Cal.App.3d 502, 504–507 [193 Cal.Rptr. 381] [if burglary of automobile
charged].
RELATED ISSUES
Auto Burglary—Entry of Locked Vehicle
Under Penal Code section 459, forced entry of a locked vehicle constitutes
burglary. (People v. Young K. (1996) 49 Cal.App.4th 861, 863 [57 Cal.Rptr.2d 12].)
However, there must be evidence of forced entry. (See People v. Woods (1980) 112
Cal.App.3d 226, 228–231 [169 Cal.Rptr. 179] [if entry occurs through window
deliberately left open, some evidence of forced entry must exist for burglary
conviction]; People v. Malcolm (1975) 47 Cal.App.3d 217, 220–223 [120 Cal.Rptr.
667] [pushing open broken wing lock on window, reaching one’s arm inside
vehicle, and unlocking car door evidence of forced entry].) Opening an unlocked
passenger door and lifting a trunk latch to gain access to the trunk is not an auto
burglary. (People v. Allen (2001) 86 Cal.App.4th 909, 917–918 [103 Cal.Rptr.2d
626].)
Auto Burglary—Definition of Locked
To lock, for purposes of auto burglary, is “to make fast by interlinking or
interlacing of parts . . . [such that] some force [is] required to break the seal to
permit entry . . . .” (In re Lamont R. (1988) 200 Cal.App.3d 244, 247 [245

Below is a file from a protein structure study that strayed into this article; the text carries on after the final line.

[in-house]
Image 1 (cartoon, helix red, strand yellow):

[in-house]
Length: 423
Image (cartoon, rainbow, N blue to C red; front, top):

Cal.Rptr. 870], quoting People v. Massie (1966) 241 Cal.App.2d 812, 817 [51
Cal.Rptr. 18] [vehicle was not locked where chains were wrapped around the doors
and hooked together]; compare People v. Malcolm (1975) 47 Cal.App.3d 217,
220–223 [120 Cal.Rptr. 667] [vehicle with locked doors but broken wing lock that
prevented window from being locked, was for all intents and purposes a locked
vehicle].)
Auto Burglary—Intent to Steal
Breaking into a locked car with the intent to steal the vehicle constitutes auto
burglary. (People v. Teamer (1993) 20 Cal.App.4th 1454, 1457–1461 [25
Cal.Rptr.2d 296]; see also People v. Blalock (1971) 20 Cal.App.3d 1078, 1082 [98
Cal.Rptr. 231] [auto burglary includes entry into locked trunk of vehicle].)
However, breaking into the headlamp housings of an automobile with the intent to
steal the headlamps is not auto burglary. (People v. Young K. (1996) 49 Cal.App.4th
861, 864 [57 Cal.Rptr.2d 12] [stealing headlamps, windshield wipers, or hubcaps
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are thefts, or attempted thefts, auto tampering, or acts of vandalism, not
burglaries].)
Building
A building has been defined for purposes of burglary as “any structure which has
walls on all sides and is covered by a roof.” (In re Amber S. (1995) 33 Cal.App.4th